Understanding rural mental health problems

Mental health problems are widespread, but often misunderstood. Dr David Middleton, a psychiatrist who’s married to a farmer, offers some advice to farming families


How widespread are mental health problems in the countryside?

In the general population, around 1 in 4 people will experience mental health problems at some point in their lives and 1 in 6 will be experiencing them at any one time. Overall, people living in the countryside probably have better mental health than those in towns or cities. However, those who do develop mental illness are less likely to seek help than their city-based counterparts.


Why are farmers particularly susceptible?

Stress is an important factor in the development of mental health problems and it can come from many sources. Financial pressures resulting from market fluctuations, livestock disease or poor harvests are obvious examples but concerns about policies, administration and legislation can also have their effect. Not seeking support when stress first emerges can lead to the situation becoming far more serious. Reasons for such delays might include higher levels of stigma or difficulties accessing mental health services. It is also easier for people in the countryside to become isolated or not admit to having problems, so seeking help at a much later stage or not at all.


What is the commonest mental health problem and what are the signs?

The commonest is depression and it will affect 1 in 5 people during their lives. There is a big difference between simply feeling low and “clinical” depression. When clinical depression develops, it affects the person most of the time, often for several weeks or months. Key signs and symptoms include low mood, low energy levels, lack of interest in things that would normally give pleasure, poor concentration and memory, tiredness or restlessness, problems getting to sleep or waking up earlier than usual, feelings of hopelessness and thoughts of suicide. People won’t usually have all of these symptoms but often several at once.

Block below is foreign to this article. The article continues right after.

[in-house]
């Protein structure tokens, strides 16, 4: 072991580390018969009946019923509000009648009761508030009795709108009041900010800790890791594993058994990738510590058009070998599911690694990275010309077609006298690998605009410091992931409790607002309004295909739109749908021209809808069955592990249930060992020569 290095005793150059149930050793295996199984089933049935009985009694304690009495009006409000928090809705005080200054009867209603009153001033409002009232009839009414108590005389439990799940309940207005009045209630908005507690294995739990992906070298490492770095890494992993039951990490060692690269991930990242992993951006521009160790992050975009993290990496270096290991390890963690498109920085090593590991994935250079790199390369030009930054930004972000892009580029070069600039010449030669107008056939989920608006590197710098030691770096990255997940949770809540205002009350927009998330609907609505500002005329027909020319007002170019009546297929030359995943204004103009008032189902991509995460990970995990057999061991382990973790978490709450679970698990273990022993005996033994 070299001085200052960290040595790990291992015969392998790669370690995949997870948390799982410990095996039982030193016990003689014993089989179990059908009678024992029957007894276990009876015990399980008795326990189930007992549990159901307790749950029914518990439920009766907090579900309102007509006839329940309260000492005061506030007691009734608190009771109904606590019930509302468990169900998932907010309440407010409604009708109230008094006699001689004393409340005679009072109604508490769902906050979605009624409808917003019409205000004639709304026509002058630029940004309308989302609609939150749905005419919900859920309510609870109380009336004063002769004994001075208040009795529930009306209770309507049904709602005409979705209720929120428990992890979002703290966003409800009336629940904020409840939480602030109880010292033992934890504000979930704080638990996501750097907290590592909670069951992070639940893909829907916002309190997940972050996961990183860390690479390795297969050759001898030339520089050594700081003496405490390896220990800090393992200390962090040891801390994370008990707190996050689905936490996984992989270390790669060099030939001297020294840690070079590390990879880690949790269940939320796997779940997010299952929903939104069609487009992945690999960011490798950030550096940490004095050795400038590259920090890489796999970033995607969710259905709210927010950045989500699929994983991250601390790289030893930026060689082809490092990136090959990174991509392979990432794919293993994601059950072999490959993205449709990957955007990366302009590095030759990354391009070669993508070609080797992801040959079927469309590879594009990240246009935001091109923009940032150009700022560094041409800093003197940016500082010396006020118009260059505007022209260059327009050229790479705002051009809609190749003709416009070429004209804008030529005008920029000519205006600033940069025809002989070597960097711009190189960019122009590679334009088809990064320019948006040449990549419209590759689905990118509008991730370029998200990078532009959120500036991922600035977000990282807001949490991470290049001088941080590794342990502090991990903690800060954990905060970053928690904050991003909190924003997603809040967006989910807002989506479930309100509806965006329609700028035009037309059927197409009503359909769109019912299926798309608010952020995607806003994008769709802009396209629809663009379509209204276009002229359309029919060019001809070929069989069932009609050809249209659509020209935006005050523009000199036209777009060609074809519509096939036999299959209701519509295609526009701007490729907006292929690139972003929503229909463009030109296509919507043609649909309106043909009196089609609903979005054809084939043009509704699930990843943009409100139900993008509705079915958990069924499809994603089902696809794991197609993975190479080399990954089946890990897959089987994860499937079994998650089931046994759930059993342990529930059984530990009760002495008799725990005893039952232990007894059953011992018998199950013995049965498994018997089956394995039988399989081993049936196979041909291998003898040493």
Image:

Due to the way our minds process distress, depression can even manifest itself as physical symptoms such as aches and pains. Given the stigma surrounding mental illness and reluctance to discuss it, physical symptoms can sometimes be the only clue that someone is developing depression.


Can depression be treated?


It is very treatable and most people will make a full recovery. Treatment options include self-help (eg exercise programmes, computer-based treatments), talking therapies (aimed at identifying unhelpful thought patterns and developing more appropriate ways of thinking) and medication (usually well tolerated, effective, non-addictive and safe). Around half of people who have depression will have another episode but the chance of relapse is reduced if treatment and support is continued.


What should you do if you think a friend, relative or neighbour is at risk from any of these issues?


The first step is to simply listen to a person’s problems. Being able to talk things through can be therapeutic in itself.


You might find that there are practical things you can do such as ensuring the person is eating well and limiting unhelpful habits such as alcohol. You might want to improve your own understanding of depression by accessing information online (see infobox). It may reach a point where these simple strategies are not helping and it is worth seeing the GP. Around 30% of GP appointments include a mental health component so they are used to assessing people with these problems. You should encourage the person to be open and honest, particularly if they have been having thoughts of suicide.


Why is it important to address depression and mental health problems rather than ignore them?

Suicide rates in farmers are among the highest in any occupational group. Approximately one farmer a week commits suicide.

It is a harsh reality that access to highly lethal means (firearms, poisons, machinery) result in a large proportion of suicide attempts in farmers being fatal. This means that even impulsive, spontaneous attempts claim many lives. Limiting access to such lethal means when a person is depressed or suicidal may save their life and enable them a chance to seek the help that they need.


Mental health problems are more common than people realise and most respond well to treatment. The challenge is for people to recognise when they or someone they know is ill and to help them to access the right support as soon as they need it.


More information


Royal College of Psychiatrists – for information about mental illness and treatment


Farming Community Network – 0845 367 9990


Royal Agricultural Benevolent Institution – 01865 727 888


Rural Support (Northern Ireland) – 02886 760 040


Farming Help – 0845 367 9990


RSABI (Scotland) – 0131 472 4166)

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